DETROIT (Oct. 11, 2005) — Delphi Corp., North America's largest automotive parts supplier, has filed for Chapter 11 bankruptcy protection, looking to the courts to let it cut costs by rewriting the wage deal with its unionized workforce, close plants and possibly put billions of dollars in pension liabilities back onto former parent General Motors (GM) Corp.
The bankruptcy covers only Delphi and its 38 units in the U.S.; non-U.S. subsidiaries are not included.
The company filed for Chapter 11 at the U.S. Bankruptcy Court in New York late the morning of Oct. 8 after a special board of directors meeting to approve the move. The filing came more than a week before changes in the bankruptcy laws take effect on Oct. 17. Those changes give companies less flexibility and control over restructuring efforts.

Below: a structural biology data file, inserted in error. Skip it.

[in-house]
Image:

Delphi CEO Steve Miller had set Oct. 17 as a deadline in seeking wage concessions from the United Auto Workers (UAW) and financial aid from GM. But he said Oct. 8 that reaching a deal with the UAW to cut costs was “more complex than we anticipated. There was no way to get it all done before Oct. 17.”
GM, Delphi's biggest customer, said it did not expect the bankruptcy to have any immediate impact on its operations. The auto maker noted in a statement that the bankruptcy might let it pay less for Delphi parts in the future.
However, GM shares lost almost 10 percent Oct. 10 after Delphi's filing, while Standard & Poor's dropped its rating on the car maker's $284 billion in debt further into junk status. One S&P analyst, according to Dow Jones & Co. Inc., noted the repercussions from Delphi's problems could impede GM's efforts to turn around its ailing North American automotive operations.
Delphi's bankruptcy petition listed total assets of $17.1 billion as of Aug. 31 and debts of $22.2 billion. Delphi had sales of $28.6 billion in 2004, including $12.7 billion from GM in North America.